How can you do this to me?
It’s the classic guilt-inducing line, and in interpersonal relationships, sometimes it works. But research shows that when you’re trying to change people’s behaviour on a larger scale, not only does it fail to work – it can backfire.
A guilt-based attempt at persuasion usually comes in two parts, one intended to make the viewer feel guilty (“Will you turn your back on fill-in-your-needy-group-here?”) and the other presented as a way to reduce the guilt (“Give to our charity/buy our product/use our service to help them!”).
A number of small studies have compared high-guilt and low- or no-guilt appeals, and a few years back, Daniel O’Keefe did a meta-analysis of as many of these studies as he could find. His results showed that high-guilt messages did arouse guilt as they were intended to, but they were also significantly less persuasive than low-guilt messages.
This was also shown in a more recent study on public service announcements about binge drinking. Nidhi Agrawal and Adam Duhachek asked university students to write about an emotional episode in which they experienced extreme shame or guilt, then showed them posters based on the above Ontario poster and asked them how likely they were to binge drink during the next year.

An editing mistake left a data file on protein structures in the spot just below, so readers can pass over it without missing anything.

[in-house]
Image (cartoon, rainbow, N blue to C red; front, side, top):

Their results consistently showed that students who were already feeling shame or guilt were more likely to drink to excess after having viewed the anti-drinking posters – and more likely to believe that their own drinking wouldn’t lead to the consequences shown on the posters. Further experiments showed that this was because the posters made the students feel defensive and therefore more inclined to resist the posters’ messages.
Agrawal and Duhachek concluded that guilt-based messages need to be positioned carefully: don’t place them where your target audience is already likely to be feeling guilt or shame.
On a practical level, this means putting your messages in positive surroundings where their readers are less likely to be feeling ashamed or guilty. (I’d recommend particularly avoiding courtrooms, jails, confessionals and malls on Christmas Eve.) Better yet, use positive messages about how to avoid a behaviour rather than trying to shame your audience into complying.
When it isn’t backfiring, there’s no doubt that guilt does affect our actions positively. Many studies have shown that a person who feels guilty about a recent behaviour tends to behave more altruistically afterward – at least partly because we like to bring our self-esteem back up when it’s low. But time and place are important, because the mood of your audience is important.
And if you want to try using guilt to get your kids to clean their rooms, go right ahead. My parents will attest that it didn’t work very well on me… but maybe you’ll have better luck.